Parliament recently passed the Uganda Development Corporation Act, signaling serious intent by government to play a more active role in investment for national development.
The move revives the Uganda Development Corporation (UDC) nearly 20 years after it was closed; it means government is abandoning the "governments can't do business" mantra used to dispose of many state enterprises through the 1990s.
This development is both positive and unnerving, and the Uganda government has a responsibility to ensure that thirty years from now, Ugandans will look back on a momentous day in parliament, rather than on faith squandered.
As we have argued before, it was erroneous for many African countries to uncritically buy the World Bank/IMF prescription that government had no business doing business, and that the private sector would deliver hitherto mismanaged economies to sustainable prosperity.
What resulted was the predictably-erratic distribution of the benefits of growth. A combination of capitalism and lack of strong and focused regulation has meant that the excitement about Africa's growth figures has only peppered cracks in the development trajectory.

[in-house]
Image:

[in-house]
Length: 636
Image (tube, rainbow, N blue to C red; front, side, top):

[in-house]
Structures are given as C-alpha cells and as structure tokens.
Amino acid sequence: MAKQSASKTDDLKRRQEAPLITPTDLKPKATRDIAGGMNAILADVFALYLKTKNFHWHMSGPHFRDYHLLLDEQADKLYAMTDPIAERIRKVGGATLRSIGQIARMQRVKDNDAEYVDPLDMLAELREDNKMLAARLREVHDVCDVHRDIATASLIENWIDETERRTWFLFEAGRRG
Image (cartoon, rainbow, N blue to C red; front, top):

The present change of course suggests that Ugandan leaders now realize that while modern economies tend to be driven by the private sector, the public interest is best served by strong leadership or navigation by a developmental state.
However, the government needs to carry forward useful lessons from UDC's earlier phase. The core, non-negotiable motive of UDC must be national development, and this motive must override political short-termism.
Meritocracy and accountability will need to be inviolable values for UDC. The corporation's assets should not be treated as dumping grounds for politicians rejected by voters, or a retirement home for ministers no longer able to stay awake during long meetings.
The latter is what we have seen happen to the diplomatic service and many other sensitive government positions, and we all know the output. UDC should be a network of excellence, deploying the best available human resources to get the best possible bargain for Uganda.